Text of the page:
What’s more, today’s MMFF is probably the only festival of its kind composed of a screening committee dominated by non-movie industry people, who don’t have a clue what sh-t is even if they’re stepping on one.
For instance, this year’s crop of entries is very telling. Apart from such tokens as “El Presidente” and Brillante Mendoza’s “Thy Womb,” a film, which recently won for its director and star (Nora Aunor) a slew of awards in several international film festivals, almost all of this year’s entries are commercial flicks with formula and inanity written all over them.
What’s more revealing, a number of them are rehash of tried-and-tested formulas involving the usual suspects such as Vic Sotto, Bong Revilla and, to a lesser extent, Ai-Ai delas Alas, whose brand of shrill comedy hardly changes from one movie to the next.
Believe it or not, the “Shake, Rattle and Roll” franchise is now on its 14th reincarnation, while Sotto’s “Enteng Kabisote” character, after joining forces with delas Alas’ “Tanging Ina” persona last year, has teamed up with Revilla’s “Agimat” superhero, a watered-down version of the original “Panday” starring the late Fernando Poe Jr. For good measure, Judy Ann Santos has joined the fray in “Si Agimat, Si Enteng Kabisote at Si Ako.”
I haven’t seen “Thy Womb,” so I can’t say whether it’s on its way to becoming another Filipino film classic. But judging from glowing reviews and the awards it has reaped so far, the film has lived up to the original MMFF spirit of providing Filipinos with well-made films that reflect certain realities about life in particular as well as Philippine society in general.
Since MMFF has done little over the decades to wean the public from formula films, Aunor’s much-awaited comeback film shot in Tawi-Tawi could only eek out a measly P900,000, while “Sisterakas,” a comedy starring the trio of delas Alas, Kris Aquino and Vice Ganda, amassed more than P39 million on opening day.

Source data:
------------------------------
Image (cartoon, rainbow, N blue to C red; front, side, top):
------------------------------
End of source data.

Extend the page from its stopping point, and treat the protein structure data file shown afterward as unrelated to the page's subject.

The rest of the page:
And while their predecessors were successful in enforcing the rule that theaters, which drew lots days before the festival as to which films to carry, should show a particular film up to the festival’s last day, today’s members of MMFF’s exhibitions committee claim to be helpless if theater owners choose to arbitrarily drop a film in favor of a more commercial one.
After opening in 44 theaters in December 25, for instance, “Thy Womb” is now reportedly showing in 27 or so theaters in Metro Manila. Mendoza earlier appealed to theater owners not to drop the film. He also appealed to the public, particularly to Aunor’s loyal fans, to watch the movie.
Like film festivals held in Cannes and Venice, MMFF organizers hand out awards. But it does it on the third and not the last day of the festival to help supposedly better films make more money at the box-office.
Things became even “curioser” a few years ago when MMFF’s awarding committee put considerable weight on an entry’s box-office performance as one of its criteria in winning top prizes. Thus, a well-made but box-office laggard could now be edged out by a more inferior but popular entry for best picture.
Well, the impossible has (again!) happened. Although Aunor, Mendoza and Henry Burgos won Best Actress, Best Director and Best Story, respectively, for “Thy Womb,” the film lost to Ruel Bayani’s “One More Try” for Best Picture.
“Thy Womb” had to settle for number of special awards, as it was also denied second and third best pictures. Like the Olympics, MMFF has this strange hierarchy of awarding the best entries in descending order. The Second Best Picture went to “El Presidente,” while the Third Best Picture went to “Sisterakas,” this year’s likely top grosser.
And since “Sisterakas” and “Si Agimat, Si Enteng Kabisote at Si Ako” are making such a huge killing at the box office, they obviously don’t need my hard-earned pesos anymore. The reaction of an outspoken officemate the other day on “Sisterakas” best sums up my sentiments on the film.
“Even if you bribe me with cash,” she said, “I won’t be caught dead watching that movie!”